Jean Boulogne, better known as Giambologna was born in 1529 in Douai, Flanders and lived until his death on August 13th 1608 in Florence.  Giambologna was mainly a sculptor in marble and bronze statuary.  He was originally influenced in his time spent in Rome, where he moved to in 1550.  His main influence was Michaelangelo.  While he was there he was initially trained under Jacques Dubroeucq, a Flemish sculptor who worked with an Italian style. [1]. While he was in Rome he met Willelm Tedrode who was already an assistant to Cellini.  In 1552 Giambologna moved from Rome to Florence where he worked closely with Bernardo Vecchietti.  Through Bernardo Vecchietti he was introduced to the court of Duke Cosimo and his son Francesco de Medici [2]. By the middle of the 1560s he was firmly established as the court sculptor of the Medici family [3]. Initially he lost the competition to create the “Neptune” as the monumental centerpiece for a fountain in the Piazzi della Signoria in Florence. Because of this effort, he was commissioned to Bologna in order to produce a bronze sculpture of a Fountain of Neptune for the city centre, which occurred between 1563 and 1567.  Also to note, once he starting working under Medici he was never allowed to leave Florence, as they were afraid that The Austrians or Spanish would hire him permanently.

Samson Slaying a Philistine

Samson Slaying a Philistine

One of Giambologna’s earliest works was his marble sculpture of “Samson Slaying a Philistine”.  It was done in 1562 at the request of Francesco de Medici.  It was influenced by an abandoned commission of Michaelangelo in the 1520s to create a pair to his famous statue of David in front of the Palazzo Vecchio.  It was eventually moved to Spain as a diplomatic gift, and then presented to the Prince of Wales from King Philip IV and then was given to King Charles I in 1623, eventually moving to the Duke of Buckingham before eventually settling in the Victoria and Albert Museum in 1954 [3].

Another well known work of Giambologna was his depiction of “Florence Triumphant over Pisa”.  It was made around 1575, and it was made out of marble, similar to many of his other works.  It was made with assistance from Pietro Francavilla, who was Giambologna assistant and right hand man.  This work is in the style of Michaelangelo, showing how the winner dominated the loser [4].  It was requested by the Great Council Hall of the Palazzo Cecchio in preparation for the wedding of Francesco I and Joanna of Austria.  It is in the Museo Nazionale del Bargello in Florence.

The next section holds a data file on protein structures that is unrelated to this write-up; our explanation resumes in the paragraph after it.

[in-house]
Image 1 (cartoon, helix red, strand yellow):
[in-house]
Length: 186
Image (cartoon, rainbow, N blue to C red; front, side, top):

Florence Triumphant Over Pisa.jpeg

Florence Triumphant Over Pisa.jpeg

One of Giambologna’s most famous works was his sculpture of “The Rape of the Sabine Women”.  In this context, rape did not mean its current meaning, instead it meant abduction.  It has been made clear that no sexual assault was done for this, and the women were even promised the civic and property rights.  The sculpture stands 4 meters 10 inches high, so quite large on this scale.  The sculpture was made of marble, and it shows a man lifting a woman in the air while another man crouches down.  According to Giambolgna this sculpture could be applied to the universal metaphor of love that conquers all, but still showing the fierce dimension of it with using a very vulgar means of expression.  It is meant to show the natural expression associated with this event, the charming women, and the devastated and beaten character of the old husband, as the woman is being taken away by the younger and better looking young lover. [5]. He expresses them as in they are rotating upwards and growing on the pedestal.  The Rape of the Sabine Women was depicted in many works of art throughout Italy, but Giambologna truly gave it a unique touch that made it seem much more natural. It was put onto display in the Loggia dei Lanzi in Piazza della Signoria in Florence.  It is currently on display at the Accademia Gallery in Florence. It is most often described in the Baroque style. It is regarded as his most famous piece of work.

The Rape of the Sabine Woman

The Rape of the Sabine Woman

References

  1. “Giambologna” Britannica Online

http://www.britannica.com/EBchecked/topic/232910/Giambologna

  1. “Jean de Boulogne Biography” Il Giambologna a Firenze

http://giambologna.comune.fi.it/biografia.php?lang=eng

  1. “Samsin Slaying a Philistine by Giambologna” Victoria and Albert Museum

http://www.vam.ac.uk/content/articles/s/giambolognas-samson-and-a-philistine/

  1. “The Rape of the Sabine Women” Il Giambologna a Firenze

http://giambologna.comune.fi.it/scheda.php?Id=18&lang=eng

  1. “Rape of the Sabines” SPQR Fine Art

http://www.spqrfineart.com/chiurazzi/masterpieces/696_RAPE_OF_THE_SABINE_WOMEN.html